The POMR is often used to gauge the quality of a surgical system,16 although we suggest that metrics of overall childhood health such as U5MR may offer an alternative, and potentially even more valuable metric to guide manpower planning. First, given the increasing emphasis on surgical care as an integral part of a comprehensive health system, associations between each aspect of the health workforce and overall measures of population health may be the most appropriate measure of manpower across an entire health system, including the surgical workforce.16 For example, neonates or children with cancer often require surgical care, and an adequate surgical workforce is essential to ensure high-quality outcomes for these children. Second, despite interest around the world for collection of POMRs, data quality for POMR continues to be challenging in many settings.22 Our previous work in Brazil suggests that data quality for POMR is too poor to allow for analysis of the surgical workforce.10 16 Third, the United Nations and the WHO have identified several indicators to evaluate health interventions in children, including the U5MR, rate of growth stunting, immunisation coverage and prevalence of common childhood diseases.23 These metrics are routinely collected around the world, and our analysis suggests that strategic expansion of the surgical workforce can be guided by these widely collected metrics. Finally, we confirmed an association between the nursing workforce and U5MR, as few analyses have examined the nursing workforce requirements for surgical care.
To assist with policy development, geospatial analysis can identify priority regions of workforce needs. The sequence of steps in our analysis may be generalisable to other countries to guide scale-up of the surgical workforce to desired levels of health outcomes. For example, we found that U5MR of 15 deaths/1000 births across Brazil is associated with an approximate workforce level of 5 paediatric surgeons, 200 surgeons, 100 anaesthesiologists or 700 nurses/100 000 children. Geospatial analyses has help guide health workforce expansion in Thailand,24 as well as in some countries in sub-Saharan Africa.25 However, we caution that the workforce associations in Brazil may not be applicable to other countries. In addition, geospatial analysis requires access to high-quality national datasets which remains problematic in many countries around the world.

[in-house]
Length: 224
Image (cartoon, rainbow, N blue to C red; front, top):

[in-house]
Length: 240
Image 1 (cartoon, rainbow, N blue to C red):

The areas of Brazil with lower socioeconomic status remain challenging environments for healthcare, where there is a long history of difficulties with retention of healthcare professionals.18 19 Our findings align with studies of adult surgical workforce in Brazil which have shown inequities in the density of SAO professionals across the country, with rural regions disproportionately affected.26 Similar to many counties around the world, the rural areas in Brazil have high levels of poverty and a scarcity of health infrastructure.27 28 Brazil has successfully increased access to the primary care workforce in rural areas through the Mais Médicos programme,29 and our findings suggest that similar expansion of the surgical workforce may improve the health of children.
As with any population-based study, our work has several limitations. First, our findings of an association between surgical workforce and U5MR do not demonstrate causation. We recognise that many confounders other than surgical workforce impacts the U5MR (such as non-surgical disease, non-surgical workforce, etc). However, we view surgical care as a core component of a functional health system, and therefore association between the surgical workforce and U5MR can help guide workforce planning. Although our analysis did not account for detailed study of the confounding and modifying variables which impact the U5MR, further discernment of which components of a health workforce are most important for childhood health is a critical question that merits further analysis. Second, there is a lack of consensus in geospatial analysis about how the density of professionals should be weighted regarding different populations (ie, overall population, child population, etc), although we chose to weigh by child population. Finally, we recognise that the surgical workforce includes many type of subspecialists that were not included in our analysis.
In conclusion, we found that the surgical workforce for children is inadequate and inequitably distributed across Brazil, suggesting that strategic investment in the surgical workforce is required to support high-quality and equitable healthcare for children. There is a direct relation between the surgical workforce and U5MR across Brazil, with higher levels of the surgical workforce associated with improved U5MR. These findings have several policy implications to improve the health of children in Brazil:
Increased investment in the surgical workforce is required to support the health of children in Brazil, particularly in rural regions
Identification of associations between the workforce and measures of population health (such as U5MR) may be a valuable tool to define surgical workforce levels in LMICs.
Definition of workforce indicators is particularly challenging for children’s surgical care given the complexity of care across different levels of national health systems.
Geospatial analysis can help define the required surgical workforce to attain desired population health goals, and may be generalisable across other LMICs.